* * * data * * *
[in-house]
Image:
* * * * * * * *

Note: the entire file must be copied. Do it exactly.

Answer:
[in-house]
Image: